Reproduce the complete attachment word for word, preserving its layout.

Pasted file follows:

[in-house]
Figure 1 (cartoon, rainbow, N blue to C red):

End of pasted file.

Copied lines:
[in-house]
Figure 1 (cartoon, rainbow, N blue to C red):